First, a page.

Coffeehouse Thread

23 posts

Scoble on Newsnight, clip downloadable here

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  • W3bbo

    I asked Adam if he could put this up on the C9 videos section, but he went AFK.

    But anyway, for those not wanting to watch the whole stream from the BBC (that won't be live in a week's time anyway) here's the full interview.

    It's 7 minutes, 30 seconds long, WMV format
    .

  • out180

    Thank you, I appreciate you making that available.

  • Cybermagell​an

    He looks super nervous

  • Cyonix

    Thanks W3bbo, and well done Scoble. Good interview.

  • Escamillo

    Thanks for this, W3bbo. Smiley

  • irascian

    Thanks for posting this. Don't know what happened: I turned on to Newsnight a few minutes late (mag said it started at 11pm) and got film discussion about "Thank you for Smoking" and then spotted on here that it had already been broadcast.

    Robert done good. This was a tough interview but he got some good points across.

    I'm just annoyed that when Newsnight had that Bill Gates special interview the Rottweiler Jeremy Paxman got totally blinded by power and money and became a total sycophant. Imagine what THAT interview would have been like if Gates had had to content with the guy Robert had to contend with last night.

  • littleguru

    Thanks. Let's see how Scoble looks like...

    Edit: Who is this older guy in the interview? He seems to see everything very negative.

  • Rossj


    Interesting vid (I'm watching now).

    Bill G should be answering this chap, not Robert - no offense Robert.

  • blowdart

    W3bbo wrote:
    I asked Adam if he could put this up on the C9 videos section, but he went AFK.


    I would hope he wouldn't, as you aren't allowed to distribute it anyway. And you *know* that.

  • System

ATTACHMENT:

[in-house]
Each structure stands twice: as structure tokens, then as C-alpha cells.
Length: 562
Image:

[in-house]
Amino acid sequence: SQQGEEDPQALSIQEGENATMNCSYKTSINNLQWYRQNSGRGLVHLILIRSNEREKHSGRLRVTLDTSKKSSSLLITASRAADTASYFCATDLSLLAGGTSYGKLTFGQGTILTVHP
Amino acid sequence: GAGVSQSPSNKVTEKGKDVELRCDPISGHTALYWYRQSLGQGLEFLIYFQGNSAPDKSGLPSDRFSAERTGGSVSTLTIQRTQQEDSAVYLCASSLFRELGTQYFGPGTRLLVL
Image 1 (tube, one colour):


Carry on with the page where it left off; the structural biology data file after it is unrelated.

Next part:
littleguru wrote:
    Who is this older guy in the interview? He seems to see everything very negative.


    Stelzer is an economist who is a director at the Hudson Institute. He also writes a decent column in the Sunday Times. You're right, he doesnt appear to be a fan of Bill does he.

  • Rossj

    anon wrote:
    
    littleguru wrote:Who is this older guy in the interview? He seems to see everything very negative.


    Stelzer is an economist who is a director at the Hudson Institute. He also writes a decent column in the Sunday Times. You're right, he doesnt appear to be a fan of Bill does he.


    Not likely to be very interesting to watch if it was just a BG love-fest would it?

  • irascian

    anon wrote:
    Stelzer is an economist who is a director at the Hudson Institute. He also writes a decent column in the Sunday Times. You're right, he doesnt appear to be a fan of Bill does he.


    His memory is just a lot longer than most here who prefer to think of "cuddly" Bill in a cardigan running his "trying to be more open" company.

    I'm not going to bore anybody with endless stories of how Microsoft has used and abused its monopoly power in the past to crush other firms, steal their intellectual property etc etc. The bundling of a free browser to kill Netscape is the most oft-quoted example, but is a tiny tip on a very large iceberg.

    That's unfortunately the nature of humans and business, and anybody who thinks the competitors whingeing in self-righteous indignation about it would do any different if they hadn't been in the same position probably believes in the tooth fairy too.

    Whenever I see "cuddly" Bill and see silly nostalgic postings for a person that didn't exist outside what we've been "sold" I remember the countless anecdotes of how rude, foul-mouthed and just plain obnoxious he could be in reviews. When I was a kid I was appalled at a saying my mother had about there never having been such a thing as a "nice successful businessman". Now I realise she's right: "Nice" and "successful" are oxymorons. The best you can hope for is that they have a bit of a conscience so that as retirement looms they feel more and more guilty about what they've done and how they've done it and start trying to make recompense, either through philanthropic work or through just being plain nice to people for a change (I can think of several ruthless sales executives who've turned into sweethearts once they've retired).

    There's an amusing (and favourable - such is the power of "power") anecdote about Bill over on Joel Spolsky's blog that's worth a read if you're in the mood. 

  • Angus

    Thanks for this W3bbo. That seemed like a pretty tough interview, a warm up for his 'leaving interview' for Channel 9? Tongue Out

    Was this the Newsnight on Friday 16th June, at 10:30 pm on BBC2?

    Angus Higgins

  • System

    irascian wrote:
     
    His memory is just a lot longer than most here who prefer to think of "cuddly" Bill in a cardigan running his "trying to be more open" company.